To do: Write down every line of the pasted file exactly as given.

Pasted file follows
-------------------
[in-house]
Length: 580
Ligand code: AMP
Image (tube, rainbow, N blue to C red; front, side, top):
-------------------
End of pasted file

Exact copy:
[in-house]
Length: 580
Ligand code: AMP
Image (tube, rainbow, N blue to C red; front, side, top):